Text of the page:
Jose Mourinho appointed Spurs boss: Special One vows to lead Tottenham up the table

Jose Mourinho has vowed to lead Tottenham up the Premier League table after becoming their new head coach.

The 56-year-old has been named as Mauricio Pochettino’s successor, signing a three-and-a-half-year deal at the north London club.

He met his new squad following his hasty appointment, which was announced less than 12 hours after Pochettino was fired, on Wednesday and then took training ahead of his first game in charge at West Ham on Saturday.

The Portuguese, who has been out of work since losing his job at Manchester United last December, inherits a squad that are languishing in the bottom half of the Premier League, having taken 14 points from their 12 games.

They are 11 points off the top four and while Mourinho stopped short of saying Spurs could bridge that gap, he promised they would be in a better position once he gets going.

“In relation to the Premier League I think we know where we are and we know that we don’t belong there,” he told Spurs TV.

“At the end of the season we will see where we are but I know that we are going to be in a different position than we are now.

“I look forward to the challenge and the responsibility to bring happiness to everyone that loves the club.”

Mourinho moved quickly to appoint his backroom staff, with Joao Sacramento and Nuno Santos joining from Lille as assistant manager and goalkeeping coach, respectively.

“We should just play match after match. The next match we want to win and that is the same for the next and the next and the next until the last.

Tottenham also confirmed the arrival of Carlos Lalin as fitness coach, Ricardo Formosinho as tactical analyst and Giovanni Cerra as technical analyst.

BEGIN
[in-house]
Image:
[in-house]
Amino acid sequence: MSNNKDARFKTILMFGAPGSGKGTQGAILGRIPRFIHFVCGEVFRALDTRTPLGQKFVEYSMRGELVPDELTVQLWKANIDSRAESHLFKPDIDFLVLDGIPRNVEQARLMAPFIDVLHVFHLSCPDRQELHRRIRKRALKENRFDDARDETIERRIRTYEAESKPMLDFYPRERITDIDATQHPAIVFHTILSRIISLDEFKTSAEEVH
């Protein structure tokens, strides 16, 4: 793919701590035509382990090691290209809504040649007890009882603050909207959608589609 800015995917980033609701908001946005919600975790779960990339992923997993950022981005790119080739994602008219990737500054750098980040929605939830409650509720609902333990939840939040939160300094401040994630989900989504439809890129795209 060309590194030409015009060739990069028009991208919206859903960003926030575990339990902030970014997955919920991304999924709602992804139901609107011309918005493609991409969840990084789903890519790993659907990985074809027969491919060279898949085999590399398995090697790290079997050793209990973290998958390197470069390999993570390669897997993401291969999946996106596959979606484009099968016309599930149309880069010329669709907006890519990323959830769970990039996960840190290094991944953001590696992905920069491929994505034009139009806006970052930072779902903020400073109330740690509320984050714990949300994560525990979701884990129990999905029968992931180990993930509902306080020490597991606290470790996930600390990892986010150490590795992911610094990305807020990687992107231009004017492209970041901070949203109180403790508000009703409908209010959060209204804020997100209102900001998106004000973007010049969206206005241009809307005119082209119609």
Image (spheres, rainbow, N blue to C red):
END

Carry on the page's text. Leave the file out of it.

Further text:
All three worked under Mourinho at Old Trafford.

Despite his intrinsic links to Chelsea, Mourinho has always spoken fondly of Tottenham, touting them as a potential title winner at the start of the season, while he has been in attendance at several games this season.

He was always glowing in his praise of Pochettino and has reiterated his delight at taking on a squad that he believes is full of quality.

“It is a privilege when a manager goes to a club and feels that happiness in relation to the squad that he’s going to have,” he added.

“These are not words of the moment. They are not words of me being the Tottenham head coach.

“These are words that I’ve told and I’ve repeated in the last three, four, five years even as an opponent.

“I always told about the club’s potential. I always told about the qualities of the players.

“I always told about the magnificent work the club was doing. I really like this squad.”

Mourinho arrives in north London needing to repair his reputation after a toxic final few months of his time at Old Trafford.

The Portuguese was often pictured looking dishevelled, was often bad tempered in press conferences and allowed a fall-out with Paul Pogba to affect the club.

He looks rejuvenated – no doubt thrilled at the prospect of being able to work in London again – and he insists he will show passion for the role.

“I couldn’t be happier and if I was not as happy as I am, I would not be here,” he added.